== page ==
Place: University of Zurich, Rämistrasse 59, 8001 Zürich RAA-G-01 
Symposium program  (PDF, 425 KB)
More information about the symposium 


Prof. Dr. Hans B. Thomsen's Farewell Lecture

Why Bother with Museums: Teaching East Asian Art History in Switzerland  

Date: Tuesday, September 26, 2023, 18:15–19:15  
Place: University of Zurich, Rämistrasse 71, 8006 Zürich  Aula Magna KOL-G-201
Flyer (PDF, 211 KB) 

Professor Thomsen is retiring after having taught for over sixteen years as the professor in charge of teaching East Asian art history at the University of Zurich. During this time, surveys of European museums and collections have been an integral part of research and the teaching of a large number of students. The talk will cast a look back at the history of the KGOA during this time and argue for the importance of developing close connections between academia and the museum world.  


Online International Symposium

Tracing the Reception of Japanese Art in the West: As Seen through Case Studies in Central Europe 

Organized by International Joint Digital Archiving Center for Japanese Art and Culture (ARC-iJAC), Art Research Center, Ritsumeikan University

Saturday, 28th January 2023, 8:00–10:00 CET (16:00–18:00 JST)

Keynote speech by Prof. Dr. Hans B. Thomsen: Academia and Museums: The Importance of Collaborative Projects

Other presentations:
Dr. Klaus J. Friese (Lecturer, Ludwig-Maximilians-University Munich): Siebold's Collection in Munich: A New Type of Museum?
Sabine Sophia Bradel (Ph.D. Candidate, University of Zurich)
Japanese Woodblock Prints in a Private Collection in Winterthur, Switzerland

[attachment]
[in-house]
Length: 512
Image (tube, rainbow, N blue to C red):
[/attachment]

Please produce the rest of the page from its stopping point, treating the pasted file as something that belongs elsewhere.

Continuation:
Matilde E. Tettamanti (MA, University of Zurich)
A First Examination of the Japanese Art Collection of Monte Verità in Ascona, Switzerland

This symposium is held online via Zoom and pre-registration is required. 




Public Lecture:
Alpine Globalization – Japan and Switzerland 
Prof. Claude Hauser, Université de Fribourg 

Wednesday, 12th October 2022, 18:00-19:00
Rämistrasse 59, 8001 Zürich, Room RAA-G-15


Japan is an island country, yet it is largely defined by its special relationship with the mountains, which have become an essential part of its mental landscape. This Asian country has an alpine imagination that is both endogenously constituted by the lived space of the Japanese Alps and nourished by the external projection of the Swiss alpine model. From the first ascent of the Mittelegi route of the Eiger in 1921 by the Japanese mountaineer Yuko Maki, accompanied by his Bernese guide Samuel Brawand, to the opening of a tourist office specially dedicated to Japanese visitors in Grindelwald during the 1980s, the symbolic investment of the alpine narrative and its economic and commercial repercussions can be approached by analyzing a few important stages of the cultural, touristic, and economic exchanges that mobilized the representations of the mountain between Japan and Switzerland in the 20th century. This phenomenon of reciprocal exchanges, symbolic reinterpretations, or progressive decantations of Swiss Alpine stereotypes between Japan and Switzerland (the North Face of the Eiger, the Matterhorn, the figure of Heidi, the Swiss chalet...) will be approached through several accounts and images of the Swiss Alps evoked in particular in the magazine of the Japanese Alpine Club Sangaku and other archival documents.

Claude Hauser is a Professor Ordinarius at the Université de Fribourg where, among other subjects, he teaches cultural history, international cultural relations, history of intellectuals, and history of national minorities. His publications include Jura: les sept clichés capitaux. Essai d’histoire Culturelle (Neuchâtel: Editions Alphil, 2012) and La Chine en partage. Ding Zuochao – Auguste Viatte. Une amitié intellectuelle au XXe siècle (Neuchâtel: Editions Alphil, 2018). He is the founder and co-director of the Centre suisse d'études sur le Québec et la Francophonie and is teaching at the Faculty of History at UniDistance, Swiss Distance Learning Institute.